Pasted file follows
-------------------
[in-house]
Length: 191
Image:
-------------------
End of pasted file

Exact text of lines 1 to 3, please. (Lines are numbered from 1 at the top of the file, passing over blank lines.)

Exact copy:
[in-house]
Length: 191
Image: